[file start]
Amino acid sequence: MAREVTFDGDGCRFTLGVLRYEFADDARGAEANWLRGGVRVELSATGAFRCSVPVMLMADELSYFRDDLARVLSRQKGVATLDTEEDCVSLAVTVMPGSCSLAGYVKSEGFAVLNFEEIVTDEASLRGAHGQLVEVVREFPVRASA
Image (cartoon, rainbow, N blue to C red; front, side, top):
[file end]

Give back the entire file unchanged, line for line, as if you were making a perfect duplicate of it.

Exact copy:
Amino acid sequence: MAREVTFDGDGCRFTLGVLRYEFADDARGAEANWLRGGVRVELSATGAFRCSVPVMLMADELSYFRDDLARVLSRQKGVATLDTEEDCVSLAVTVMPGSCSLAGYVKSEGFAVLNFEEIVTDEASLRGAHGQLVEVVREFPVRASA
Image (cartoon, rainbow, N blue to C red; front, side, top):